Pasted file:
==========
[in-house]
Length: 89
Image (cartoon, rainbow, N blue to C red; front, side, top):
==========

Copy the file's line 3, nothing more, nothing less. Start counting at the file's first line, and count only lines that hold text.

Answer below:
Image (cartoon, rainbow, N blue to C red; front, side, top):